Questions Answers AFAIK most modelbased reinforcement learning algorithms are more data efficient than modelfree (that don't create an explicit model of the environment). However, all the modelbased techniques I've seen eventually "throw away" data and stop using it for model training. Could we do better (lower sample complexity) if we didn't throw away old data? I imagine an algorithm that keeps track of all past observations as "paths" through perception space, and can use something akin to nearest neighbor to identify when it is seeing a similar "path" again in the future. I.e., what if the model learned a compression from perception space into a lower dimension representation (like the first 10 principle components), could we then record all data and make predictions about future states with nearest neighbor? This method would benefit from "immediate learning". Does this direction sound promising? Definitely. This is highly related to the latent space discovery research direction of which we've had several recent papers at ICLR, NeurIPs, ICML. There are several challenging elements here. You need to learn nonlinear maps, you need to use partial learning to gather information for more learning, and it all needs to be scalable. John Hello, do you have any events in New York? I've been teaching myself for the last couple years on ML and AI theory and practice but would love accelerate my learning by working on stuff (could be for free). I have 7 years of professional programming experience and work as a lead for a large financial company. Well, we have "Reinforcement Learning day" each year. I'm really looking forward to the pandemic being over because we have a beautiful new office at 300 Lafayettemore might start happening when we can open up. John RL seems to more strategy oriented/original than the papers I observe in other areas of ML and Deep Learning, which seems to be more about adding layers upon layers to get slightly better metrics. What is your opinion about it ? Secondly I would love to know the role RL in real world applications. By strategy I guess you mean "algorithmic." I think both areas are fairly algorithmic nature. There have been some very cool computational advancements involved in getting certain architectures (like transformers) to scale and similarly there are many algorithmic advancements in domain adaptation, robustness, etc. RL is definitely fairly algorithmically focused, which I like =) RL problems are kind of ubiquitous, since optimizing for some value is a basic primitive. The question is whether ""standard RL"" methods should be used to solve these problems or not. I think this requires some trialanderror and, at least with current capabilities, some deeper understand of the specific problem you are interested in. Akshay Dr. Langford & Dr. Krishnamurthy, Thank you for this AMA. My question: From what I understand about RL, there are trade offs one must consider between computational complexity and sample efficiency for given RL algorithms. What do you both prioritize when developing your algorithms? I tend to think first about statistical/sample efficiency. The basic observation is that computational complexity is gated by sample complexity because minimally you have to read in all of your samples. Additionally, understanding what is possible statistically seems quite a bit easier than understanding this computationally (e.g., computational lower bounds are much harder to prove that statistical ones). Obviously both are important, but you can't have a computationally efficient algorithm that requires exponentially many samples to achieve nearoptimality, while you can have the converse (statistically efficient algorithm that requires exponential time to achieve nearoptimality). This suggests you should go after the statistics first. Akshay Can you share some real examples of how your work has made its way into MS products? Is this a requirement for any work that happens at MSR or is it more like an independent entity and is not always required to tie back into something within Microsoft? A simple answer is that Vowpal Wabbit (http://vowpalwabbit.org ) is used by the personalizer service (http://aka.ms/personalizer ). Many individual research projects have impacted Microsoft in various ways as well. However, many research projects have not. In general, Microsoft Research exists to explore possibilities. Inherent in the exploration of possibilities is the discovery that many possibilities do not work.  John What are some of the obstacles getting in the way of widespread applications of online and offline RL learning for realworld scenarios, and what research avenues look promising to you that could chip away at, or sidestep, the obstacles? I suppose there are many obstacles and the most notable one is that we don't have sample efficient algorithms that can operate at scale. There are other issues like safety, stability, etc., that will matter depending on the application. The community is working on all of these issues, but in the meantime, I like all of the sidestepping ideas people are trying. Leveraging strong inductive bias (via pretrained representation or state abstraction or prior), simtoreal, imitation learning. These all seem very worthwhile to pursue. I am in favor of the trying everything and seeing what sticks, because different problems might admit different structures, so it's important to have a suite of tools at our disposal. On sample efficiency, I like the model based approach as it has many advantages (obvious supervision signal, offline planning, zeroshot transfer to a new reward function, etc.). So (a) fitting accurate dynamics models, (b) efficient planning in such models, and (c) using them to explore, all seem like good questions to study. We have some recent work on this approach (https://arxiv.org/abs/2006.10814) Akshay Hi! Thanks for doing this AMA. What is the status of Real World RL? What are the practical areas that RL is being applied to in the real world right now? There are certainly many deployments of real world RL. This blog post: https://blogs.microsoft.com/ai/reinforcementlearning/ covers a number related to work at Microsoft. In terms of where we are, I'd say "at the beginning". There are many applications that haven't even been tried, a few that have, and lots of room for improvement. John With the xbox series X having hardware for machine learning, what kind of applications of this apply to gaming? An immediate answer is to use RL to control nonplayercharacters. Akshay How can I prepare in order to be part of Microsoft Researcher in Reinforcement Learning? This depends on the role you are interested in. We try to post new reqs here (http://aka.ms/rl_hiring ) and have hired in researcher, engineer, and applied/data scientist roles. For a researcher role, a phd is typically required. The other roles each have their own reqs. John What is latent state discovery and why do you think it is important in real world RL ? Latent state discovery is an approach for getting reinforcement learning to provably scale to complex domains. The basic idea is to decouple of the dynamics which are determined by a simple latent state space, from an observation process, which could be arbitrarily complex. The natural example is a visual navigation task: there are far fewer locations in the world, than visual inputs you might see at those locations. The ""discovery"" aspect is that we don't want to know this latent state space in advance, so we need to learn how to map observations to latent states if we want to plan and explore. Essentially this is a latent dynamics modeling approach, where we use the latent state to drive exploration (such ideas are also gaining favor in the DeepRL literature). The latent state approach has enabled us to develop essentially the only provably efficient exploration methods for such complex environments (using arbitrary nonlinear function approximation). In this sense, it seems like a promising approach for real world settings where exploration is essential. Akshay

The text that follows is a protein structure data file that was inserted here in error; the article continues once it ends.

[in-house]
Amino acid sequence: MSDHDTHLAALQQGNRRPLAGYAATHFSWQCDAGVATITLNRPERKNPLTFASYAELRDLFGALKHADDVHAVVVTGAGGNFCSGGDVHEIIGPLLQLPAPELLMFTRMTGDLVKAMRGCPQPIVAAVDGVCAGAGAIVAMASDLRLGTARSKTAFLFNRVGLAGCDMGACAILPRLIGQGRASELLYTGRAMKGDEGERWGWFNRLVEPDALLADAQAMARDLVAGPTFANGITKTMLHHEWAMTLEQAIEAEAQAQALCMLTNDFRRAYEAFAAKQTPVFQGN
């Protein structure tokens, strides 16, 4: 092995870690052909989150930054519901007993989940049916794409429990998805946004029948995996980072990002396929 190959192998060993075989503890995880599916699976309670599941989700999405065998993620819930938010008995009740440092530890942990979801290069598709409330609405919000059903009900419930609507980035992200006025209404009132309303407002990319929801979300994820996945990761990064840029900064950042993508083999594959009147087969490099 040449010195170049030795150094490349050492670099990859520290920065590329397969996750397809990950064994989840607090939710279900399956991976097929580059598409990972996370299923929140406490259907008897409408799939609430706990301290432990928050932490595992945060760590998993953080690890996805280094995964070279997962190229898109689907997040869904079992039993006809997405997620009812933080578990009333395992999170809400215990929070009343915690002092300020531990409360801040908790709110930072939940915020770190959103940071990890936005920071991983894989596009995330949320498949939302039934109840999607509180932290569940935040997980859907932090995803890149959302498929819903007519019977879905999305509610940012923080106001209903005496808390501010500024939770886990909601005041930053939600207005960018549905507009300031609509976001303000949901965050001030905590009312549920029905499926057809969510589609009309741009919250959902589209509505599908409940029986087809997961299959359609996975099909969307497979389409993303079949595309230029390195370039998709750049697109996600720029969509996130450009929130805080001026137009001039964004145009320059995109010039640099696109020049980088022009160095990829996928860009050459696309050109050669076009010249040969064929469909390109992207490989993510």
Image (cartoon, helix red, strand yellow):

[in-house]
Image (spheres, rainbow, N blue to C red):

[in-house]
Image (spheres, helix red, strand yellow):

[D] Is there a way to evaluate model during training?
Implemented in vowpal wabbit: https://github.com/VowpalWabbit/vowpal_wabbit

We are Microsoft researchers working on machine learning and reinforcement learning. Ask Dr. John Langford and Dr. Akshay Krishnamurthy anything about contextual bandits, RL agents, RL algorithms, RealWorld RL, and more!
A simple answer is that Vowpal Wabbit (http://vowpalwabbit.org ) is used by the personalizer service (http://aka.ms/personalizer ). Many individual research projects have impacted Microsoft in various ways as well. However, many research projects have not. In general, Microsoft Research exists to explore possibilities. Inherent in the exploration of possibilities is the discovery that many possibilities do not work.  John

Performance comparison: counting words in Python, Go, C++, C, AWK, Forth, and Rust
You're likely correct, but I do recall attending a lecture by John Langford of https://vowpalwabbit.org/ running some form of an Ngram C++ based NLP model, including summary statistics on performance, in less time than wc l took on the same data. Must have some neat hashing tricks, but still was cool
Stats
VowpalWabbit/vowpal_wabbit is an open source project licensed under GNU General Public License v3.0 or later which is an OSI approved license.